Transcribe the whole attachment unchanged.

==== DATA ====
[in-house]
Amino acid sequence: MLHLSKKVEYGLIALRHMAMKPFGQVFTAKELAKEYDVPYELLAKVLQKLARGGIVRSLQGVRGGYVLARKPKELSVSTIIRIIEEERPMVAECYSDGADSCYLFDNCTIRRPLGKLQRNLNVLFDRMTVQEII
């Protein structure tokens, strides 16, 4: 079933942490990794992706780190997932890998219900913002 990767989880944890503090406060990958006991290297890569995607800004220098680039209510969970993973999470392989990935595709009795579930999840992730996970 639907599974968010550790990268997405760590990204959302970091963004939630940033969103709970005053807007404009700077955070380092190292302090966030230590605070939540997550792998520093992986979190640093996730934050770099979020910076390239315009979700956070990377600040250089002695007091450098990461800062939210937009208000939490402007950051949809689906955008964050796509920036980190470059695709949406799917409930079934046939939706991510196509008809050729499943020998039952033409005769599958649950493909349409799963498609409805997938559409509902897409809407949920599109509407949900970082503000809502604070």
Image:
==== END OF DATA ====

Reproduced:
[in-house]
Amino acid sequence: MLHLSKKVEYGLIALRHMAMKPFGQVFTAKELAKEYDVPYELLAKVLQKLARGGIVRSLQGVRGGYVLARKPKELSVSTIIRIIEEERPMVAECYSDGADSCYLFDNCTIRRPLGKLQRNLNVLFDRMTVQEII
């Protein structure tokens, strides 16, 4: 079933942490990794992706780190997932890998219900913002 990767989880944890503090406060990958006991290297890569995607800004220098680039209510969970993973999470392989990935595709009795579930999840992730996970 639907599974968010550790990268997405760590990204959302970091963004939630940033969103709970005053807007404009700077955070380092190292302090966030230590605070939540997550792998520093992986979190640093996730934050770099979020910076390239315009979700956070990377600040250089002695007091450098990461800062939210937009208000939490402007950051949809689906955008964050796509920036980190470059695709949406799917409930079934046939939706991510196509008809050729499943020998039952033409005769599958649950493909349409799963498609409805997938559409509902897409809407949920599109509407949900970082503000809502604070």
Image: